Delhi: Bank officials convicted of pocketing money during demonetisationhttps://indianexpress.com/article/cities/delhi/bank-officials-convicted-of-pocketing-money-during-demonetisation-5932159/

Delhi: Bank officials convicted of pocketing money during demonetisation

Special CBI Judge Raj Kumar Chauhan held that the accused conspired to commit criminal breach of trust and falsification of bank records by making fictitious and false entries.

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The court also invoked the popular quote, “Power tends to corrupt, and absolute power corrupts absolutely,” to make its point. (Representational Image)

In possibly the first conviction post demonetisation, a Delhi court convicted three officials of the Punjab National Bank, holding that “the case seems to be classical misuse of power by the bank officials after demonetisation of legal tender currency notes of Rs 1,000 and Rs 500 denomination by the Government of India”. The court also invoked the popular quote, “Power tends to corrupt, and absolute power corrupts absolutely,” to make its point.

Special CBI Judge Raj Kumar Chauhan held that the accused conspired to commit criminal breach of trust and falsification of bank records by making fictitious and false entries. According to the court, the accused showed legal tender notes of Rs 10.51 lakh deposited by two customers as demonetised currency, and exchanged it “unauthorisedly and illegally”.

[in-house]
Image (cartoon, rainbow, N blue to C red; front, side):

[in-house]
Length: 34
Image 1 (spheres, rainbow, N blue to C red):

The three officials, former senior manager Ramanand Gupta, former deputy manager Bhuvnesh Kumar Julka, and former head cashier of PNB’s Civil Lines Branch Jeetander Veer Arora, have been convicted under sections 120(B), 409, 471, 477 (A) of the IPC and several sections of the Prevention of Corruption Act. They have been convicted for a period of four years and the court has imposed a fine of Rs 4 lakh on each man.

During arguments on the sentence, CBI counsel Praneet Sharma prayed for a strict sentence and urged that corruption has taken its roots deep in society, therefore maximum punishment should be awarded.

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Reacting to the conviction, advocate Amit Gupta, who appeared for Ramanand Gupta and Julka, said, “They (the convicts) have not done any illegal act. There is no exchange of any money. Beneficiary is not on record. This is the ageless story of the CBI… there is no motive.”

However, the judge in his order said that corruption has far-reaching consequences as it not only weakens the internal economy of the nation but also affects its international reputation, and erodes the faith of the public in the system. Therefore, the sentencing policy must make a strong impact upon society, the judge noted.

“The act of the convicts has left a slur on institution in which they have grown into their services as they are senior officers of the bank,” the court said.

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